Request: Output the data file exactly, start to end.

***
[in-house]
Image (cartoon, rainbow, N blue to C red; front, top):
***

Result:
[in-house]
Image (cartoon, rainbow, N blue to C red; front, top):